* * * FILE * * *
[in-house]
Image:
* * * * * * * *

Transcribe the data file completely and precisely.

[in-house]
Image: